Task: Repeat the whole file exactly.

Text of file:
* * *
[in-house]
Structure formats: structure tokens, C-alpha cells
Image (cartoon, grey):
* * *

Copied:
[in-house]
Structure formats: structure tokens, C-alpha cells
Image (cartoon, grey):